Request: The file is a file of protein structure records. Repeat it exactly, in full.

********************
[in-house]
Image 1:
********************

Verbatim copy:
[in-house]
Image 1: